Consider these to quotes side by side:
“Human beings generally take pleasure in a task when it falls in a sort of optimal-challenge zone; not so easy as to be boring, not too hard to achieve. A happy programmer is one who is neither underutilized nor weighed down with ill-formulated goals and stressful process friction. Enjoyment predicts efficiency.
Relating to your own work process with fear and loathing (even in the displacing, ironic way suggested by hanging up Dilbert cartoons) should therefore be regarded in itself as a sign that the process has failed. Joy, humor, and playfulness are indeed assets…”
– Eric Raymond, The Cathedral & The Bazaar
(BTW: Who would have thought that the entire line of Dilbert cartoons – their humorous reflections on how organizations (dis)function – could be made depressingly painful in one brief phrase.)
“Disability claims and stress leaves are soaring. For many public service managers, the work-life balance is so unhealthy that one major federal department has tried to implement a BlackBerry ban between 7 p.m. and 7 a.m., so that people can reclaim some of their personal time. Management scholars are using the public service as a laboratory to study workplace dysfunction…
…The discussion about public service renewal is ongoing, but one valuable contribution arrived this week. In a report released Wednesday, the Public Policy Forum, an Ottawa-based think tank, succinctly identifies some of the key problems facing the public service. Few of these observations are likely to surprise Ottawa insiders, but it’s useful all the same to see them legitimized by respected researchers.var addthis_pub = ‘canada.com’;
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The report confirms, for example, public servants feel so tangled up in procedure and regulations they are unable to get meaningful work done… Yes, public servants need to be accountable, especially in the post-Gomery universe, but if the “web of rules” is completely extinguishing every spark of innovation and producing the most risk-averse organization in the country, then there’s a problem.”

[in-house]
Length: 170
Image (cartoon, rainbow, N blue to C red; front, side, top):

The narrative of the public service as a byzantine, rule bound place has become so accepted it is now unquestioned gosple. The truth is always more complicated. I know of, and occasionally hear from, people who work in places where (usually small) teams of public servants work in flat collaborative groups that are able to achieve great things. But the narrative exists for a reason – as the above Ottawa Citizen piece attests. This is why where you work in the public service (and often who you work for) is far more important than what file you work on.
So how much work in the public service falls within the optimal-challenge zone described by Raymond? More importantly, how many public servants would continue to do their job if they weren’t paid? 10%? 35%? 50%?
My suspicion is that the open source community for public policy is actually quite large. It includes those in the public service – who are tied up and tied down in their silos, but also extends much further. The problem is that it is tied down by process and an industrial model to “churning out” policy that doesn’t work well with today’s knowledge workers.
Canada25 showed that hundreds and indeed thousands of young people wanted to think about, engage in, and write about public policy in their spare time. All we did was allow them to focus on whatever they wanted and create as frictionless a process as possible. The result? Four well received policy papers in 6 years on top of numerous smaller projects, debates, discussion groups and countless other outcomes I don’t even know about.
The main point is that “open” can work in policy development. So maybe it is time to set the public service free? To allow policy analysts to self-organize and focus their attention to where they believe they can best contribute, rather than having hundreds if not thousands of them babysitting files that simple don’t move?
Why not treat policy challenges like open source software programs. Create a policyforge (modeled after sourceforge) where the policy can reside and where the module policy owner, can foster a community and accept its ideas, opinions and edits.
Will it work? I can’t guarantee it. But we’d better start experimenting because the one thing we do know. The current system is beginning to crack.